| Topic: Rights
Nearly 1.2 Million Pennsylvanians’ Access to Healthcare Improved by ACA
HARRISBURG – Attorney General Josh Shapiro today issued a statement ahead of tomorrow’s oral arguments before the U.S. Supreme Court to defend the Affordable Care Act, which provided the opportunity for 1.2 million Pennsylvanians to accede health care.
The ACA has broadened access to healthcare, supported access to private quality insurance, and Medicaid Expansion has improved accessibility across the states. Today, 331,825 Pennsylvanians have commercial ACA plans purchased on the exchange, and more than 857,000 are enrolled through Medicaid expansion.
“Dismantling the Affordable Care Act in the midst of a resurgent COVID-19 pandemic is not only reckless, but also illegal. Millions of Americans rely on health care they access through the ACA and this vital safety net must stay in place,” said Pennsylvania Attorney General Josh Shapiro, who filed an amicus brief in May in support of the efforts to defend the ACA. “My office stood up for the 1.2 million Pennsylvanians who rely on protections in the ACA — from allowing young adults to stay on their parents health insurance to protections for people with preexisting conditions, from diabetes and cancer to COVID.”
A coalition of 20 states and the District of Columbia is working to defend the ACA, including the law’s protections for people with preexisting conditions, public health investments, and Medicaid expansion, among others. In the midst of rising COVID-19 cases and deaths nationwide, the Trump Administration and the Texas-led state coalition are risking the healthcare of millions of Americans and financial support for states.
“COVID-19 has made one thing undeniable: we must safeguard the Affordable Care Act — lives depend on it,” said California Attorney General Becerra. “Every nation around the world has had to confront the devastating impact of the global pandemic. The United States, under President Trump’s watch, continues to set records going in the wrong direction. Millions infected, hundreds of thousands dead. As if on cue, the Trump Administration cavalierly continues its march to dismantle the ACA and strip Americans of their healthcare. We will do everything we can to defeat this unprecedented assault on a critical federal law by a sitting President.”
Every American could be affected if the ACA is destroyed. In particular, the following is at stake:
- Healthcare for the 20 million Americans who are able to afford insurance either through Medicaid expansion or thanks to tax credits and employer-sponsored plans through healthcare exchanges;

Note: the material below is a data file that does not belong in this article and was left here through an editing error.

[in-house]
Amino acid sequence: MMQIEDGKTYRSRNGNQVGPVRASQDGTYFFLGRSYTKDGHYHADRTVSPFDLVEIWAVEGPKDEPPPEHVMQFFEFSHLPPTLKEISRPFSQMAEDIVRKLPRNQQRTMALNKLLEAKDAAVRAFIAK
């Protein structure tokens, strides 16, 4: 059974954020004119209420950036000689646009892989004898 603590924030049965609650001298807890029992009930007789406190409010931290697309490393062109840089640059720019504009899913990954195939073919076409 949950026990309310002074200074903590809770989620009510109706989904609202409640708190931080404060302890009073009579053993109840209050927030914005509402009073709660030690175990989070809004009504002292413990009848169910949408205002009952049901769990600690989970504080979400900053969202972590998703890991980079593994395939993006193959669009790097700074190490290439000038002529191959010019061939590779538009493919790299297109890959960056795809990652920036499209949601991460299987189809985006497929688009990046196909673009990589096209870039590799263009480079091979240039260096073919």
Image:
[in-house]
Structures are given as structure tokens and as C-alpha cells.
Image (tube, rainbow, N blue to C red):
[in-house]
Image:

- Guaranteed coverage for the 133 million Americans who have a pre-existing health condition, including 17 million kids, and benefit from the law’s protection against discrimination and higher costs based on health status;
- Healthcare for young adults under the age of 26 covered by a parent’s plan;
- Families of children with chronic health conditions who are currently protected from lifetime insurance limits; and
- Funding for our nation’s public health system, including investments in local and state public health systems that help during the pandemic, FDA biosimilars which power drug costs, and more including Medicare payment reforms, Indian health services, and work to fight the opioid epidemic.
In 2018, a Texas-led coalition, supported by the Trump Administration filed Texas v. U.S., arguing that Congress rendered the ACA’s individual mandate unconstitutional when it reduced the penalty to $0 and that the rest of the ACA should be held invalid as a result of that change.
The Fifth Circuit held that the individual mandate is unconstitutional, but declined to further rule on the validity of the ACA’s remaining provisions. The court instead sent the case back to the Northern District of Texas to determine which provisions of the 900-page law are still valid. In January, the coalition filed a petition to the U.S. Supreme Court seeking review of the Fifth Circuit’s decision. The Supreme Court granted review of California v. Texas in March. Pennsylvania and five other states filed an amicus brief in May.
The Supreme Court will hear oral arguments remotely at 10 a.m. Tuesday, Nov. 10.
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